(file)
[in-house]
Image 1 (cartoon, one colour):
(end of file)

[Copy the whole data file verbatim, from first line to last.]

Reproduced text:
[in-house]
Image 1 (cartoon, one colour):